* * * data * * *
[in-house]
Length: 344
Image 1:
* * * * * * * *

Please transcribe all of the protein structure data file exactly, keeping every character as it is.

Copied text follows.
[in-house]
Length: 344
Image 1: